How two entrepreneurs who knew little about homemade syrups created the best product in the field as proclaimed by the magazine Protégez-vous!
What inspires you?
Alexandrine: All the dinner party and going-out trends, even if that was way more hype in 2019…But I think things are going to kick back up again very soon! So I get really inspired by thinking of what’s to come in the near future, knowing where we’re headed and not just in the culinary world. I like knowing and demystifying the new ways we’ll be consuming that isn’t possible right now but will be.
Hannah: I get inspired mostly by the new ways we will consume, like for example, what we have access to since we have more technology in the last decade. That means we can take a very different path than the one we used to take. For example, by choosing better ingredients, and by eliminating ingredients that we don’t need.
How would you sum up ¾ oz?
Alexandrine: Minimalist. We named the brand ¾ oz because it literally took a ¾ oz to make the drink. It's really "what you see is what you get". Same with the image: on each bottle, you have a visual of what your drink should look like or to inspire you. It's really working the visuals to help the consumer standing in the aisle to make the right choice. We want the product to speak for itself.
Hannah: Keeping with the minimalist mentality, we only use fresh or natural ingredients. We have decided to eliminate all the excess ingredients in drinks in general that we don't need. It's all about calibrating our drinks to be good with quality spirits. For example, if you have a good gin, you don't want to mix it with corn syrup and a ton of acid that makes it so you can't taste your gin anymore. If we're talking sugar, in drinks there's always a lot of sugar and with ¾ oz what we wanted to do is put the minimum amount, not put more than what's necessary so that it leaves more room for the alcohol but still balances it out. If there was no sugar at all, it would be hard to drink, but there is a balance.
What’s the most interesting part about ¾ oz?
Alexandrine: It has changed over the past seven years. We were here before the rise of the 70 Quebec gins and the trend of making your own cocktails. So, in the beginning it was really about offering an alternative to the products that were on the market. Now, it's really about continuing to stand out from the competition.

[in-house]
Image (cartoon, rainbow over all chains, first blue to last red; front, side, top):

Hannah: We've subscribed heavily to this new trend of craft cocktails. We've also had to do a lot of education; the mentality has changed since we started. That said, I think there's still a lot to be done in terms of how to mix a quality spirit because I think it’s still fairly new that there’s a range of local spirits, with higher quality, more crafty, made with a passion rather than in huge industrial batches.
Why the syrup game?
Hannah: If we rewind to when we started, we really did it for us because it didn’t exist yet. We saw it coming and we decided to make it for ourselves, for our personal consumption and our friends' consumption because we all thought what was available was way too sweet. Can we do better than that? We really made it for ourselves and developed a recipe that was unique at that time. There was no syrup made with quinine (if we’re talking about tonic), but really well filtered, so you can keep a good bubble in your cocktail. After having developed it, we made our friends taste; they liked it and it took off from there. I guess it started from a need at home but also from a need in the market.
Proudest moment as an entrepreneur?
Hannah: I know! Having made it to number 1 tonic in Protégez-vous! My life is complete.
Alexandrine: I think for me it’s to come out on top when we're not there to promote our own product, in the sense that people test it themselves. They buy everything that's available and they end up choosing ours, and they contact us at the end of the line. For me that's mission accomplished. We weren't there to convince anyone, we're not a friend of someone who said ours was the best, people saw for themselves. The product works even when you don't have to bend over backwards to get people to buy it.
Biggest challenge you've faced together?
Alexandrine: Just marketing it. Gaining credibility. The process of getting to where we are today was long, it was quite a challenge overall.
Hannah: I would also say that one challenge that we’ve faced, and that we continue to, is educating. There's a lot of education to be done at bars and restaurants, in the sense that it can be very beneficial for them to serve better products and local products. Teaching them about our product, especially in the beginning, was very difficult, people didn't really understand what we were doing. They even thought it was cough syrup. People were trying to drink them too. People didn't understand what our products were or why we were doing it. I think we've been able to explain it, but it's still a daily educational process to make people understand that there are alternatives on the market.
What's your idea of success in entrepreneurship?
Hannah: I think it's cool that we created something that makes people happy and improves their quality of life. To create something that improves the quality of what they consume and put in their bodies and to be able to be someone's favourite without them knowing who it is or where it came from. To be part of people’s daily lives.
By Corine Pinel